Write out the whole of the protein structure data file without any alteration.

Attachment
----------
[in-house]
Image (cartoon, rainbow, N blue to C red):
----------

[in-house]
Image (cartoon, rainbow, N blue to C red):